Section 402 of title 23 of the United States Code requires the Secretary of Start Printed Page 57647Transportation to promulgate uniform guidelines for State highway safety programs. As the highway safety environment changes, it is necessary for NHTSA to update the guidelines to provide current information on effective program content for States to use in developing and assessing their traffic safety programs. These guidelines reflect the best available science and the real-world experience of NHTSA and the States in developing and managing traffic safety program content. NHTSA will update the guidelines periodically to address new issues and to emphasize program methodologies and approaches that have proven to be effective in these program areas.

The guidelines offer direction to States in formulating their highway safety plans for highway safety efforts that are supported with section 402 grant funds, as well as safety activities funded from other sources. The guidelines provide a framework for developing a balanced highway safety program and serve as benchmarks by which States can assess the effectiveness of their own programs. NHTSA encourages States to use these guidelines and build upon them to optimize the effectiveness of highway safety programs conducted at the State and local levels.

The guidelines emphasize areas of nationwide concern and highlight effective countermeasures. As each guideline is updated or created, it will include the date of its revision or development.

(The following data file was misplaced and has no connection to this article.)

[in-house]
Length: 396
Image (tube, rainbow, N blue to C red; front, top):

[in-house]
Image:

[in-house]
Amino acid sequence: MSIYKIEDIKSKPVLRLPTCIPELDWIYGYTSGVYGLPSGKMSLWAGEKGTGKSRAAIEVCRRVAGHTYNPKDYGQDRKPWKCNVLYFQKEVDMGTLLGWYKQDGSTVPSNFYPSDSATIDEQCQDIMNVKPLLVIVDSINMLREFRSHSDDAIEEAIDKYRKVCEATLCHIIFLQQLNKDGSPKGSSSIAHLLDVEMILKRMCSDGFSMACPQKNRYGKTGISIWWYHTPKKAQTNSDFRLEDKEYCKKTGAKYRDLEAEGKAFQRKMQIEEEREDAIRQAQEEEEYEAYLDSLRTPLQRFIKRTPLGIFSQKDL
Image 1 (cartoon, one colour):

NHTSA has developed a new guideline on distracted and drowsy driving, No. 9, to address these growing problems. This new guideline will help States develop plans to address distracted and drowsy driving. In 2014, ten percent of fatal crashes, 18 percent of injury crashes, and 16 percent of all police-reported motor vehicle traffic crashes were reported as distraction-affected crashes. These proportions have remained stable over the past five years of reported data. In 2014, there were 3,179 people killed and an estimated additional 431,000 injured in motor vehicle crashes involving distraction-affected drivers. Ten percent of all drivers 15 to 19 years old involved in fatal crashes were reported as distracted at the time of the crashes. This age group has the largest proportion of drivers killed in the age range who were distracted at the time of the crashes. Lastly, in 2014, there were 520 non-occupants, such as pedestrians and bicyclists, killed in distraction-affected crashes.[1] The limitations of these data are described in an April 2016 Traffic Safety Facts Research Note (DOT HS 812 260).[2]